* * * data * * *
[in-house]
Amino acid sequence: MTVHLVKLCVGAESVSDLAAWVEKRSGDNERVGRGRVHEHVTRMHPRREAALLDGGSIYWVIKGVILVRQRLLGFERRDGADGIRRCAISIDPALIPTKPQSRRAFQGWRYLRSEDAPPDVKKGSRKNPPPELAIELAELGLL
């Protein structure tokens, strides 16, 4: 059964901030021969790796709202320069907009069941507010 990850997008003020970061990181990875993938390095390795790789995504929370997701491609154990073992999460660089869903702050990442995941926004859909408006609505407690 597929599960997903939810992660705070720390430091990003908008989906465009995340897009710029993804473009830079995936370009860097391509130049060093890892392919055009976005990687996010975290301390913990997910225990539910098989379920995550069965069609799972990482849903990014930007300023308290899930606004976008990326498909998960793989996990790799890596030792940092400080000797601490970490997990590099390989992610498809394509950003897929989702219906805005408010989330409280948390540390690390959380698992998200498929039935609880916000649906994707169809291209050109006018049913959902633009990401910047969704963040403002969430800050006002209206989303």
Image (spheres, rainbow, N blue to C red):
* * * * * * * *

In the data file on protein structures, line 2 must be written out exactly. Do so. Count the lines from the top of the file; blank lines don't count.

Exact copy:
Amino acid sequence: MTVHLVKLCVGAESVSDLAAWVEKRSGDNERVGRGRVHEHVTRMHPRREAALLDGGSIYWVIKGVILVRQRLLGFERRDGADGIRRCAISIDPALIPTKPQSRRAFQGWRYLRSEDAPPDVKKGSRKNPPPELAIELAELGLL